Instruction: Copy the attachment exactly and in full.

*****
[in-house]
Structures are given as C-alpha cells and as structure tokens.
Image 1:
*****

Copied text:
[in-house]
Structures are given as C-alpha cells and as structure tokens.
Image 1: